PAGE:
Dog Leads Sanitation Worker to Help 88-Year-Old Owner Who Collapsed on Hot Summer Day

September 1, 2020 Updated: September 1, 2020

A sanitation worker in California was collecting garbage along near a house in Glendale when the unusual behavior of its resident dog, Sandy, caught his attention.

Sandy usually sits at the window, but that day on July 10, “she was sitting outside so I knew something was wrong,” according to Kirk White, a Glendale Integrated Waste Management Division (IWM) employee, reported KTLA.

“She was barking, it wasn’t aggressive in any way, it was very much like, ‘Hey, I got something to show you, come follow me!’”

White followed Sandy and was led around the house, right up to the fallen owner, 88-year-old Gwendola Morgan Johnson.

Epoch Times Photo
(Illustration – YES Market Media/Shutterstock)

Johnson had tripped and fallen on the porch an hour earlier and could not get up. Due to the house’s steep driveway, Johnson could easily see Kirk pulling in the trash bins from her angle, but Kirk was not able to see or hear her.

“When I saw him, I said to Sandy, ‘You go get him,’ so he did,” Johnson said.

When White saw Johnson, he recalled, “She was on the floor, unable to get up.

“I know it was very hot that Friday … seeing someone in the sun, that wasn’t right at all.” White helped Johnson up and checked that she was all right.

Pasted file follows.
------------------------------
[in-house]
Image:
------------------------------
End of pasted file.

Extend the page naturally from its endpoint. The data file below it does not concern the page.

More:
Sandy’s actions and White’s response were recorded by Johnson’s home surveillance system.

“We all cried when we saw the video,” said Johnson’s granddaughter Cheryl Malvar, who is a primary teacher at Glendale Montessori School. “Sandy did a good job.”

Sandy, a rescue dog, was adopted by Johnson 11 years ago, and now, he has returned the favor.

“He certainly came to my rescue,” said Johnson, ABC7 reported.

Malvar observed there were two heroes to this story.

“Kirk actually made an effort,” she said. “Not everybody does.”

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(Illustration – Lesia Povkh/Shutterstock)

She added: “He investigated and he was aware enough to know it was off. We love him, and he’ll always have friends here.”

However, White thought what he did was normal.

“If anyone was in that position, just helping another human, that’s what we’re supposed to do,” he said.

The City of Glendale commended both White and Sandy in a Facebook post on Aug. 22, and noted that White worked for IWM through Glendale Youth Alliance, a nonprofit organization that helps low-income and disadvantaged youth get employed.

“Part of the story is that the sanitation worker paid attention to the dog and what it was doing,” commented Karen McKeen Saunders on that post.

“Many people would have ignored the dog… but he didn’t. Good teamwork.”

White did not own a dog himself.

“After this, I was thinking I want a dog like Sandy,” he said. “We can learn something from animals.”

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